More Kiwis Falling Victim To Scams Than Ever | Scoop News – Scoop


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More New Zealanders are falling victim to scams than ever, according to new research from Bank of New Zealand (BNZ).
In the last year, four in five people have been targeted by a scam and more than a quarter have fallen victim to one, up seven percent on the year prior. Businesses are also feeling the brunt with 47 per cent of them falling victim in the last year, up from 21 per cent the year prior.
The research comes as the bank launches its annual Scam Savvy Week to raise awareness, help people know what to look for to spot scams, and stay safer online.
BNZ Head of Financial Crime, Ashley Kai Fong, says “Scams are rising, year-on-year, and as they climb, so does the toll on New Zealanders and the trail of destruction left in the wake.
“Scams don’t just damage our finances. They cause hurt, shame, and embarrassment to their victims and they erode trust and confidence in brands, businesses, and organisations.
“The best defence against scams is you. If you know what to look for and can recognise the signs of a scam, you’re less likely to fall victim. This Scam Savvy Week, we’re urging people to take a look at the tools and refresh themselves so they can be better protected,” says Kai Fong.
Kai Fong is also asking people to report when they’ve been targeted by a scam or fallen victim to one.
“So many of us are suffering in silence with only half of victims reporting it, and it’s crucial there’s more awareness. If you’ve been targeted by one, report it to CERT NZ. If you think you may have lost money to one or someone might have accessed your online banking, call your bank immediately,” says Kai Fong.
Scam Savvy week runs from Monday 19 to Friday 23 September and is available online at www.getscamsavvy.co.nz.
SMS scams impersonate businesses, urging urgent action and then steal online banking details, credit card details, or other sensitive information, and Kiwis are getting bombarded by them.
“We’re always seeing scammers change their tactics,” says Kai Fong. “25 per cent of all victims report clicking on a link in an email or text now, and with text messages being virtually free to send overseas, the country is getting inundated with them.
“It could be almost anything – a message pretending to be from a bank asking you to urgently confirm a transaction or from a courier company asking you to urgently pay a release fee. The link in the text messages look almost legitimate so it’s easy for someone in a hurry to tap through.
“But the website is fake. Everything you enter is immediately sent to the scammers and they use the details to log into your real online banking and take your money or run up charges on your debit or credit card,” says Kai Fong.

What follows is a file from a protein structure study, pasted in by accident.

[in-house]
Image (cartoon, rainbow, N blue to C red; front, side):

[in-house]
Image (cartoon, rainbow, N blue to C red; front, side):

BNZ’s research shows businesses are a lucrative target for scammers.
“Businesses get targeted by many of the same scams consumers do, but with one notable difference – the invoice scam,” says Kai Fong.
In an invoice scam, a business’ system is compromised and the bank account number on invoices is changed to one a scammer owns so payments meant for the business go to the scammer instead.
“In a new development, we’ve also seen scammers posing as employees changing the bank account where their wages are paid. These scams are notoriously difficult to spot and are the leading scam by value of losses,” says Kai Fong.
Bigger businesses tend to be better prepared, with SMEs of six or more employees saying they have more protections in place and do training with their staff compared to smaller businesses.
Kai Fong says while it can be hard for smaller businesses to resource scam protection, there are other things they can do.
“Make sure everyone in your businesses knows to never tap or click links in emails and text messages from unknown senders, keep your systems and antivirus up to date and use long, strong and unique passwords or passphrases.
“Chasing your overdue accounts is also vital. It’s better for your business to have the cash coming in, but it also means you’ll uncover an invoice scam more quickly and have more of a chance to recover lost money,” says Kai Fong.
BNZ wants all New Zealanders to have access to simple, accessible scam education, so BNZ Branches and Partners Centres will be key hubs during Scam Savvy Week, with BNZ people out in our communities running sessions.
Scam Savvy tools are available online in four languages – English, Te Reo Māori, Samoan and Tongan, and there are presentations for community groups to use to help their members, which are available in English, Te Reo Māori, Samoan, Tongan, Mandarin, Korean, Hindi and Punjabi.
There are also videos with greater accessibility for low vision and low hearing communities.
These are available at www.getscamsavvy.co.nz.
Key findings from BNZ’s research:
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